Built as early as 3000 BC, the Indian town had quality materials of superior finish and high standard of manipulation, giving perfect stability to construction. Straight roads at right angles, main thoroughfares running almost north to south, east to west. It possessed a network of covered drainage that was new in the ancient world.
The reconstruction of Kusingar, of the 7th century BC, had horizontally placed cylindrical rooftops so designed as to permit free flow of air and light. No other city in the ancient world outside India had such a design incorporated.
The Great Bath, built at Mohen-jo-daro is unique. The tank has a rectangular structure. It is situated in the center of a courtyard and measures 11.89 mts from north to south and 7.01 mts from east to west, the depth being 2.44 mts. A double ringed well in one of the rooms for supply of water to bath, the floor of which is approached by a flight of steps on the north and south.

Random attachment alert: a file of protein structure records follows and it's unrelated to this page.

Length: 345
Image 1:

An interesting feature of the construction was the care bestowed in water tightening of the structure. A 2 cms, thick damp-proof course of bitumen was used between the facing baked bricks of the basin and the intermediate wall, which inturn was retained by a mud-brick packing and the outermost baked-brick wall.
Across the lane to the north of the Great Bath there is a block with eight bathrooms arranged in two rows, one on either side of a drain. Each bathroom in Mohan-ja-daro had a staircase that was leading to the upper storey and privacy was secured by ensuring that the doors were not disposed opposite to one another.